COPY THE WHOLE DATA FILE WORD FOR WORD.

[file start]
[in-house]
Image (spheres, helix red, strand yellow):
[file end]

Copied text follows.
[in-house]
Image (spheres, helix red, strand yellow):